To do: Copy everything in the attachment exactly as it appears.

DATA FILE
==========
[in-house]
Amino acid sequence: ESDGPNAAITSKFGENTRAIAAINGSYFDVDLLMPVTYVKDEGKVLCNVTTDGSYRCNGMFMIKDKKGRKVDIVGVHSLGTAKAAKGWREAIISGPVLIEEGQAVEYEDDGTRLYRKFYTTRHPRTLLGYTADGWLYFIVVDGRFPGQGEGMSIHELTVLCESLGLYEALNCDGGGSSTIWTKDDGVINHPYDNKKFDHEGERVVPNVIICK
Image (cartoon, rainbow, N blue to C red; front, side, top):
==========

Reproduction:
[in-house]
Amino acid sequence: ESDGPNAAITSKFGENTRAIAAINGSYFDVDLLMPVTYVKDEGKVLCNVTTDGSYRCNGMFMIKDKKGRKVDIVGVHSLGTAKAAKGWREAIISGPVLIEEGQAVEYEDDGTRLYRKFYTTRHPRTLLGYTADGWLYFIVVDGRFPGQGEGMSIHELTVLCESLGLYEALNCDGGGSSTIWTKDDGVINHPYDNKKFDHEGERVVPNVIICK
Image (cartoon, rainbow, N blue to C red; front, side, top):